Molecular studies of intra-oocyte phosphatidylinositol 3 kinase (PI3K) signaling pathway in controlling female fertility
2009 (English)Doctoral thesis, comprehensive summary (Other academic)
The primordial follicle pool is the main source of developing follicles in the ovary. The length of reproductive life and the onset of menopause are governed by the amount of primordial follicles in the ovary. The genetic factors and molecular mechanisms that maintain the primordial follicles in a dormant and surviving state for the whole of reproductive life are not well understood. The phosphatidylinositol 3 kinase (PI3K) signaling pathways in the oocyte that control oocyte growth and early follicular development are largely unknown. The major aim of this thesis was to investigate the functional role of the intra-oocyte PI3K pathway in the regulation of primordial follicle activation and survival.
Phosphatase and tensin homolog deleted on chromosome ten (PTEN) is a major negative regulator of PI3K. The conditional deletion of Pten in the oocytes of primordial follicles led to the overgrowth of oocytes and activation of the entire pool of primordial follicles. There were higher numbers of activated primordial follicles at postnatal day 8 (PD8) in ovaries lacking PTEN in oocytes; by PD35 all the primordial follicles were activated and all the follicles were depleted by 12 weeks, causing premature ovarian failure (POF). In addition, the rate of follicular death that occurs during sexual maturity is reduced in ovaries that lack PTEN in oocytes. Further mechanistic studies revealed that loss of Pten in oocytes resulted in elevated Akt signaling and upregulation of both expression and activation of ribosomal protein S6 (rpS6). The overactivation of primordial follicles in ovaries that lack PTEN in oocytes is believed to be due to elevated expression and activation of rpS6. PTEN in oocytes is indispensable for the maintenance of primordial follicles in dormancy.
To study the role of the intra-oocyte PI3K signaling pathway in controlling the survival and maintenance of primordial follicles, 3-phosphoinositide-dependent protein kinase-1 (PDK1) was deleted in oocytes of primordial follicle. The loss of Pdk1 in oocytes led to the depletion of most primordial follicles around the onset of sexual maturity, causing POF during early adulthood. Furthermore, the activation of Akt, p70 S6 kinase 1 (S6K1), and rpS6 was impaired in oocytes that lacked PDK1. The suppressed PDK1–Akt–S6K1–rpS6 signaling in oocytes appears to be responsible for the loss of primordial follicles. The excessive activation of primordial follicles seen in the absence of Pten in oocytes could be reversed by concurrent deletion of Pdk1. In addition, the elevated activation of Akt and S6K1 in the absence of PTEN in oocytes was not observed in PTEN and PDK1 double mutant mice. Similarly, the hyperphosphorylation of rpS6 in oocytes that lack PTEN was prevented in double mutant mice, which was most likely due to downregulation of S6K1 activation. Thus, inactivation of rpS6 in double mutant mice might be the reason for the prevention of excessive primordial follicular activation and survival.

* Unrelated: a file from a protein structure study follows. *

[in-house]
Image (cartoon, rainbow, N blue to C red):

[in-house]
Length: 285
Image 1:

PTEN and PDK1 in oocytes are essential for the maintenance of quiescence and survival of primordial follicles. The molecular network involving PI3K/PTEN–PDK1 signaling in oocyte controls the survival, loss, and activation of primordial follicles, which together govern reproductive aging and determine the length of reproductive life in females. The results of the above studies indicate that the mammalian oocyte serves as the seat of programming of follicular activation and survival.
Place, publisher, year, edition, pages
Umeå: Umeå university , 2009. , 40 p.
Umeå University medical dissertations, ISSN 0346-6612 ; 1292
Primordial follicles, Oocyte, PI3K
Medical Biotechnology (with a focus on Cell Biology (including Stem Cell Biology), Molecular Biology, Microbiology, Biochemistry or Biopharmacy)
Research subject Developmental Biology
IdentifiersURN: urn:nbn:se:umu:diva-26088ISBN: 978-91-7264-837-1OAI: oai:DiVA.org:umu-26088DiVA: diva2:240332
Distributor:Medicinsk kemi och biofysik, 901 85, Umeå
2009-10-23, KB3A9, KBC building, Umeå University, 13:00 (English)
Telfer, Evelyn, Associate Professor
Liu, Kui, Associate Professor
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